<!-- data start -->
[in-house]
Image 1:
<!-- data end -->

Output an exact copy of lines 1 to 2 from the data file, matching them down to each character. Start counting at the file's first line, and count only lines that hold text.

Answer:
[in-house]
Image 1: